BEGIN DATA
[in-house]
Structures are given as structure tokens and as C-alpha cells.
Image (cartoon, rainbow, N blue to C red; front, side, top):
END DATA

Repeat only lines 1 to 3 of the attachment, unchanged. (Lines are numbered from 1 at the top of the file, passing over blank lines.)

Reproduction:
[in-house]
Structures are given as structure tokens and as C-alpha cells.
Image (cartoon, rainbow, N blue to C red; front, side, top):